NV centers are excellent systems for sensing. Not only are they highly sensitive to various types of forces (magnetic, electric, strain, etc.), but their small size allows for spatial resolutions of few nm. In this example, we want to demonstrate how one of the most common methods in sensing with NV centers, namely dynamical decoupling (DD), can be effortlessly implemented using the QOP. It’s a great showcase of the real-time paradigm the OPX is operating on, which removes the need for creating long arbitrary waveforms before starting the experiment.
Dynamical decoupling is typically used in quantum control to prolong the coherence of the spin system. This is achieved by periodic sequence of control pulses, which refocus the effects of the environment and hence attenuate noise. However, phases accumulated from frequency components close to the pulse spacing are being enhanced. Hence, DD effectively acts as a frequency filter. Consequently, the technique can be used for noise spectroscopy.
The experimental setup is shown in the figure above. The OPX is controlling the laser via a digital marker output. Furthermore, two analog outputs of the OPX are used for IQ modulation of the MW signal controlling the NV spin. The output pulses of the APD, which collects the fluorescence of the NV center, are sent to an analog input of the OPX for time tagging.
In this example, we want to focus on one of the most common DD sequences used for NV-based sensing, namely the XY8-N sequence. The XY8-N sequence consists of the following pulse sequence: , where is the so-called XY8 order and the indices and correspond to the rotation axis in the rotating frame. The pulses are spaced equidistantly with a spacing of , which determines the central frequency of the filter function. The XY8 sequence is applied after the NV electron spin is brought into a superposition state by an initial -pulse. After the decoupling sequence, the spin state is mapped onto the spin population by a final -pulse (see Fig 2a). Finally, the NV center is read out optically by a laser pulse, which at the same time repolarizes the electron spin state. The filter function of the sequence is depicted in Fig 2b. The central frequency is defined by the periodicity of the pulses, while the width depends on the total acquisition time .
The example QUA program is running a for_each loop, which iterates through a given list of values. Additionally, there is an outer for loop which averages over many sweeps. In QUA, we can define macros that make code shorter and clearer. In this example, the macro xy8_n(n) is used to create all pulses of the XY8 sequence in a single line. The macro dynamically creates the XY8 sequence according to the order specified in parameter n. The macro creates all pulses and wait times by looping over another helper macro, xy8_block(), which creates the 8 pulses of a single XY8 block. The pulses are generated by rotating the frame of the spin using the built-in frame_rotation() function. Afterwards, the frame is reset back into its initial state by calling reset_frame().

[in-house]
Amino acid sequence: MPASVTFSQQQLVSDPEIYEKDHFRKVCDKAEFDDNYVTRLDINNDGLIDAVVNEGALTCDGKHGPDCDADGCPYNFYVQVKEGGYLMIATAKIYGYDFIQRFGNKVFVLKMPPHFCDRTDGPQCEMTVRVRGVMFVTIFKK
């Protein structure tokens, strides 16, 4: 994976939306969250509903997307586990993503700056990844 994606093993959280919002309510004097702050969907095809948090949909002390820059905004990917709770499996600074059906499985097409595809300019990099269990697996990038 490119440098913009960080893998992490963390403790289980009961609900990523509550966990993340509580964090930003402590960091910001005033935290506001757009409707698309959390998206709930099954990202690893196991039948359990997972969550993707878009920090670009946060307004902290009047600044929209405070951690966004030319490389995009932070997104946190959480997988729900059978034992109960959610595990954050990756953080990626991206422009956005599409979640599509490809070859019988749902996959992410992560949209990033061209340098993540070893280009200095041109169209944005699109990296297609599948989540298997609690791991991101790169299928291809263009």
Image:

For the optical readout of the NV center, the built-in time tagging functionality of the QOP is utilized. The time tagging is started by a call of the measure statement. A time tag for each detected pulse from the APD is saved into the real-time array times and the total number of detected photons is saved into the integer variable counts. At the same time, the measure statement generates a readout pulse, which here is the trigger pulse going to the laser system.
The same sequence is repeated a second time with a final . The photons detected during this are saved in the variable counts_ref and act as a reference signal.
At the end of each loop, the photons counts are saved into a so-called stream, using the save() function. These streams allow to stream data to the client PC while the program is still being executed. Additionally, the stream processing feature offers a rich library of data processing functions which can be applied to streams. This processing is performed on the QOP server before sending it to the client PC. It can significantly reduce the amount of transferred data by limiting it to the result the user really wants to have. In this example, the data is being averaged while streaming using the average() function.
Normally, the OPX wait commands are limited by the clock cycle of the FPGA. This means that the resolution is limited to 4ns instead of the 1ns sampling rate. The modified XY8-n sequence allows to achieve this 1ns resolution by saving four different waveforms for the pi pulses with extra delays built into them.